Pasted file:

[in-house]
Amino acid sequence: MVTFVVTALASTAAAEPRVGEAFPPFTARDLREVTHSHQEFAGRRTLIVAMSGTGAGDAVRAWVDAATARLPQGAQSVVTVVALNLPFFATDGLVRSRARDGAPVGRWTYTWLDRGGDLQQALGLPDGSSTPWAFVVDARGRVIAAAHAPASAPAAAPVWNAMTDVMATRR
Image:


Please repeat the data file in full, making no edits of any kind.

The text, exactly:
[in-house]
Amino acid sequence: MVTFVVTALASTAAAEPRVGEAFPPFTARDLREVTHSHQEFAGRRTLIVAMSGTGAGDAVRAWVDAATARLPQGAQSVVTVVALNLPFFATDGLVRSRARDGAPVGRWTYTWLDRGGDLQQALGLPDGSSTPWAFVVDARGRVIAAAHAPASAPAAAPVWNAMTDVMATRR
Image: